I am fairly new to the Internet World, and there are many mysteries that remain an enigma unto me; thus this blogspot will be kept simple. I am creating it for those who follow my fiction and so as to post news pertaining to the world of Lovecraftian horror and Cthulhu Mythos. Because I am busy with the process of writing my next two books, I will be trying to keep this a once-a-week thing; however, I have found that I quite enjoy blogging, because it reminds me of the personal fanzine type of writing that I have been doing for thirty years -- informal, personal, weird, humorous, bitchy, &c &c.

News about my books:
This past October, Mythos Books finally -- after a five-year wait -- publish'd Sesqua Valley & Other Haunts as an attractive trade paperback. The original Delirium hardcover is now a rare out-of-print volume that is selling online for $250+ -- and it was too expensive when first publish'd as a limited edition hardcover selling for $50. A lot of people who wanted it were unable to afford it. The new pb edition is availble at amazon.con for really inexpensive prices; and this delights me, because it seems to be my most popular book (I have some qualms about its contents because many of the stories are early works and the writing isn't too polished or well-proofed in some instances).
I am currently working on a new title for Mythos Books, a revised/expanded edition of Dreams of Lovecraftian Horror. All of the original stories have been revised, some quite thoroughly, and three stories ("Gates Closed by Darkness," "The Thing in the Glen" and "A Piece of Stone") have been dropped from the book. Older stories not included in the first edition, such as "An Image in Chalk" and "Your Kiss of Corruption," have been added, and I am at present working on a sequence of some 25,000 words, "Uncommon Places," which is a sequence of prose-poems and vignettes (frightfully arty and diseased) based on entries from H. P. Lovecraft's Commonplace Book. I also have one new Nyarlathotep tale ("Some Bacchante from Irem") and a new story set in Gershom, the city of exiles ("She Who Sees the Dawn"). Stanley C. Sargent, who skillfully illustrated the first edition, has graciously agreed to supply new drawings for these additional tales.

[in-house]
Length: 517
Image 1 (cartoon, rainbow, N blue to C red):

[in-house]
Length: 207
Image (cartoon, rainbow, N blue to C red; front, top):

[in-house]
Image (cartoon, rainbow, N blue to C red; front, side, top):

My editor, S. T. Joshi, and I have completed work on my forthcoming hardcover omnibus from Centipede Press, to be entitl'd Inhabitants of Wraithwood: Collected Weird Fiction of W. H. Pugmire, which will be published, probably, in 2012. The book includes almost 100,000 words of fiction, most of which has been revised (some, as in the case of "The Woven Offspring," shockingly deviant from ye original version), and several new pieces, such as "The Tangled Muse" (set in the strange city of exiles, Gershom) and a prose-poem sequence in honor of Oscar Wilde, Esq., will be included. Also (!!!), serving as central portfolio will be the series of eight art-poems that I collaborated on with Madame Talbot, that delicious Mistress of Death. Her artwork is magnificent, and she beautifully illustrated my eight prose-poems for a series of "cartoons" that we did for The Rocket (Seattle rock music tabloid) back in ye grunge days.
That's ye news for now. I shall return next week with a look at S. T. Joshi's new book, The Rise and Fall of the Cthulhu Mythos -- if, as I hope it will, I've receiv'd my copy by then!
yrs in yog-sothoth,
wilum hopfrog pugmire, esq.